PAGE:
Meeting your editor half way 

I’ve gotten this question over and over by different journalists all around the globe.

How do I make my editor understand I want and NEED more time to cover deeper subjects?

Whether you are a writer, photojournalist or videographer, I am certain, you’ve had conflicts with your editor when trying to pursue a bigger story or at least one that takes a longer time to produce. The problem is time. You need time to tell the perfect story but there’s a huge lack of time in newsrooms. 

What do you do?

Meet half way. Work on daily projects or smaller projects and fulfill your goal of daily (or semi-daily) content production. The projects might not sound that exciting for you, but take it as practice and the opportunity to better perfect content creation. You will shoot better and more efficiently. By the time you get to the editing station, you’ll knock the project out in short time having shot with the final product in mind. As a consequence, you’ll please your editor with a great product and he or she will be more inclined to trust your instincts when you say you need more time to work on long term projects.

Produced by Eileen Mignoni as a another way of seeing the Chilean Inauguration. This story was shot and edited within a 24 hour period. (Click on the image, it will take you to La Tercera's Website)

Produced by Eileen Mignoni as a another way of seeing the Chilean Inauguration. This story was shot and edited within a 24 hour period.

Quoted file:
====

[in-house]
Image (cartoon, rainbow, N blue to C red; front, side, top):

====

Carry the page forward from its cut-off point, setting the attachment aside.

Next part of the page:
Doing this, will give you time to work on those long term projects on which you firmly believe are worth telling, not to mention, you’ll be better prepared to cover those important, more profound stories.

Produced by a team of UNC students during the Powering a Nation 2010 project. Thanks to the generosity of the Carnegie and Knight Foundations, and the determination of the journalists, the reporters on this project were able to spend more than 10 weeks shooting and editing this project regarding the oil spill. 

Just remember, there’s always a space for both long term projects and short and sweet pieces. Just try to innovate when doing them, you’ll have a new set of tools you can use on them repeatedly.

Short, sweet and innovative project produced by Eileen Mignoni

Short, sweet and innovative project produced by Eileen Mignoni

One thought on “Meeting your editor half way ”

Comments are closed.